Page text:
Big open world games have a unique opportunity not afforded to titles that are smaller in scope. The number of moving parts allows developers to miss with one or two things and still provide an incredible experience. The key is to create mechanics fun and engaging enough to drown out the weaker ones. Horizon Forbidden West falls directly into this category, shining brightly in ways that make its few misses seem not so bad.
Here we go again
Horizon Forbidden West is a post-apocalyptic open world game that continues Aloy’s journey. A huntress of the Nora tribe, Aloy earned the title of Brave by completing the Proving in Horizon Zero Dawn, a tournament held to test the skills of Nora adolescents. The events of the Proving became the catalyst for the story of Horizon Zero Dawn, with the High Matriarchs of the Nora tribe declaring Aloy a Seeker, someone who is allowed to explore beyond the borders of Nora land. That exploration and the events that unfolded made up the entirety of Horizon Zero Dawn, so we’ll stop there to avoid spoilers. Thankfully, Guerrilla Games has provided a handy recap tucked into the Extras menu before Horizon Forbidden West begins, so even those who didn’t partake in Aloy’s initial adventures can get caught up in short order.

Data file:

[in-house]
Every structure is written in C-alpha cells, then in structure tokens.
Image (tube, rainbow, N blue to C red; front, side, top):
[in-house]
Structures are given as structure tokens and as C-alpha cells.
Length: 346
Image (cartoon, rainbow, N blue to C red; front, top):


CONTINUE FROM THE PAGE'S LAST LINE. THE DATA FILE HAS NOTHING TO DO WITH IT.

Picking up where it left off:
Horizon Forbidden West begins with Aloy searching for GAIA, a powerful AI that was responsible for the governance of the Zero Dawn Project that predates any events found in the games. This project was a terraforming system that was designed to restore life on Earth after rogue machines began eating biological matter. When things went sideways (massive understatement), GAIA sacrificed herself for humanity. Now, Aloy and her allies must search for GAIA to stop a blight that is threatening civilization. If that sounds like a lot for one person, it is, and Aloy’s personal journey running parallel to the overarching narrative includes grappling with that weight and the lofty expectations she puts on herself simultaneously.
Once players set foot in the world, those that played Horizon Zero Dawn will feel a familiar gameplay loop in Horizon Forbidden West. This is not a reset of the systems, but rather an evolution. Aloy can still hide in tall grass to evade enemies or confront them head on with her spear, but both combat and exploration take steps forward thanks to gadgets like the Diving Mask or Gliderwing, and weapons like the Spike Thrower and Shredder Gauntlet. The Spike Thrower became a personal favorite because it's essentially a spear you throw that can do massive damage. It's a great way to get out to an early lead in a boss fight. These additions are all a success, delivering a fantastic experience that persists through the entirety of Horizon Forbidden West.